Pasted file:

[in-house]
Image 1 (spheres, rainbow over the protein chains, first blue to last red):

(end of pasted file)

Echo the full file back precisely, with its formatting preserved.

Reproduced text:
[in-house]
Image 1 (spheres, rainbow over the protein chains, first blue to last red):